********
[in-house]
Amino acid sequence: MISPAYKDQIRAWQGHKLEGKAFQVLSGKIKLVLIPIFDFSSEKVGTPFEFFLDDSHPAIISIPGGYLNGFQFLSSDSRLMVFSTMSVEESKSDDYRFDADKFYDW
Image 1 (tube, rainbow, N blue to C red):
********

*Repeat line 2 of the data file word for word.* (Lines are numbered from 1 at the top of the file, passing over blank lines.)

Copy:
Amino acid sequence: MISPAYKDQIRAWQGHKLEGKAFQVLSGKIKLVLIPIFDFSSEKVGTPFEFFLDDSHPAIISIPGGYLNGFQFLSSDSRLMVFSTMSVEESKSDDYRFDADKFYDW